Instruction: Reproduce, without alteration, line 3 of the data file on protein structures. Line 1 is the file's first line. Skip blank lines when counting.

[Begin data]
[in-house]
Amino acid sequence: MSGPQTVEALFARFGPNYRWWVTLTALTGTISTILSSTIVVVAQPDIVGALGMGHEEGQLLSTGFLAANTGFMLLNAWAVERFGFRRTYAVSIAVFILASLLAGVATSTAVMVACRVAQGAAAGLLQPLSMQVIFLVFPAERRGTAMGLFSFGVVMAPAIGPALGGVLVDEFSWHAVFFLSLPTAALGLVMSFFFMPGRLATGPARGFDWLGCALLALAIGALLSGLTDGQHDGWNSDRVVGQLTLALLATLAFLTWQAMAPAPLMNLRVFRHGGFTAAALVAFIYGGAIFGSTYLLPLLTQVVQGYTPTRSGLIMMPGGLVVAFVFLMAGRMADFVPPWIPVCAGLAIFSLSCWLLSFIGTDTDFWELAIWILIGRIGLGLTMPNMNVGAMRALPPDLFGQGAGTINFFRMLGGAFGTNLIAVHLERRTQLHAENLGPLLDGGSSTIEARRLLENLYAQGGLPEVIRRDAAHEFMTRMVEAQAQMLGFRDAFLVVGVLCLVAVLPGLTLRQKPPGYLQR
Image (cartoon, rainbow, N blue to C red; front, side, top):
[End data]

Image (cartoon, rainbow, N blue to C red; front, side, top):